The measurements described above are obtained from reverse phase high performance liquid chromatography(HPLC) and gas chromatography/ mass spectrometry (GC/MS)  techniques  that have been developed and optimized to quantify irradiated DNA end products. Novel product identification and characterization are done using the GC/MS in total ion mode, or using proton 1D nuclear magnetic resonance (NMR) spectroscopy.

I am interested in elucidating the structure/ activity relationships  between DNA processing enzymes and various  damaged DNA substrates, with a goal of developing sensitive techniques for detection of DNA damage in vivo.
It has been shown that for equal exposure to ionizing radiation, the yield of  DNA base lesions in vitro  is at least two orders of magnitude higher  than what is observed in irradiated cells .  Similarly, chromatin  has  been shown to be 100 times less susceptible to strand breaks and base damage by ionizing radiation and oxidative stress compared to histone depleted DNA . The protective effect of histone proteins, compact higher order chromatin structures, and cellular repair processes, are likely responsible for the empirically observed  differences in damage susceptibilities. This emphasizes the need for development of  highly sensitive assay techniques in order to detect irradiation or oxidatively induced damage within a  cellular  system.
As part of my graduate work  with Dr. Harold Box (State University of New York at Buffalo/ Roswell Park Memorial Cancer Institute) I characterized the structure / activity relationships between radiation damaged DNA  and endonuclease P1 from Penecillium citrinum.
Nuclease P1 is an endonuclease which functions as a phosphodiesterase, cleaving the bond between the  3’-hydroxyl and 5’-phosphoryl group of adjacent nucleosides. Nuclease P1 is capable of hydrolyzing  single stranded DNA and RNA completely to the level of mononucleoside 5’-monophosphates. During my studies I had found that the efficiency of nuclease P1 in hydrolyzing the phosphodiester bonds of substrates damaged by ionizing radiation or oxidative stress may be significantly altered by modifications to the 5’ terminal base.  The hydrolytic activity has been shown to be reduced by several orders of  magnitude with the loss of base aromaticity resulting from saturation of the 5-6 double  bond of thymine when present on the 5’ terminus.  Several DNA lesions were determined to be slowly hydrolyzed or completely refractory to hydrolysis by nuclease P1.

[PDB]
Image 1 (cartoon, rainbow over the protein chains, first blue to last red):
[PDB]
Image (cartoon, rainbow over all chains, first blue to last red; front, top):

DNA is hydrolyzed completely to the level of mononucleoside 5’-monophosphates by nuclease P1. Damaged DNA species  that were refractory to hydrolysis were isolated as dinucleoside monophosphates by high performance liquid chromatography(HPLC).  A probabilistic model was derived to calculate the hydrolytic course of a DNA polymer by nuclease P1 in order to isolate slowly hydrolyzed species. As a result of this work, a sensitive 32P postlabeling assay has been developed for the detection of the formamido remnant of pyrimidine bases, a refractory lesion to nP1. The technique has successfully been applied in quantifying this lesion in irradiated keratinocytes. Currently I am extending this technique to assay for DNA base lesions which are slowly hydrolyzed by nP1. I plan to extend the technique to detect abasic sites within a DNA polymer.  I plan to further develop this method of  detection of  radiation and/or oxidatively induced DNA damage using different enzyme systems, and hope to apply the techniques to detect and characterize DNA damage in vivo.